By Trevor Hunnicutt
WASHINGTON (Reuters) -The White House on Monday said it is "appropriate" that the U.S. intelligence community is reviewing potential national security risks if former President Donald Trump took ultra-sensitive material to his residence after his term ended.
The White House is not involved in that probe of materials recovered during a search of Trump's Florida residence, the Biden administration said.
National Intelligence Director (DNI) Avril Haines said in a letter to lawmakers on Friday that her office is working with the Justice Department to "facilitate a classification review" of documents including those recovered during the Aug. 8 search of Trump's Florida residence Mar-a-Lago.
"It is an appropriate action for the director and the intelligence community to undertake," National Security Council spokesperson John Kirby told reporters.
The Justice Department on Friday disclosed that it was investigating Trump for removing White House records because it believed he illegally held documents including some involving intelligence-gathering and clandestine human sources - among America's most closely held secrets.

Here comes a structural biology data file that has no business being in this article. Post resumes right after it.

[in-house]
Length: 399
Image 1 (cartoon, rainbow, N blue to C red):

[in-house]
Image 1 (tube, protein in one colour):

In the letter to lawmakers seen by Reuters, Haines said that DNI "will also lead an Intelligence Community (IC) assessment of the potential risk to national security that would result from the disclosure of the relevant documents" including those seized. She said the DNI was aiming not to interfere with the ongoing criminal investigation.
The FBI's extraordinary search of Mar-a-Lago in Palm Beach ended with the seizure of 11 sets of classified records including some labeled "top secret" as documents that could gravely threaten national security if exposed.
The search was part of a federal investigation into whether Trump illegally removed and kept documents when he left office in January 2021 after losing the 2020 election to President Joe Biden and whether Trump tried to obstruct the probe.
Trump, a Republican who is considering another presidential run in 2024, has described the court-approved search as politically motivated. On Friday, he again again described it as a "break-in."
(Reporting by Trevor Hunnicutt; Additional reporting by Christopher Gallagher and Michael Martina; Editing by Chris Reese and Cynthia Osterman)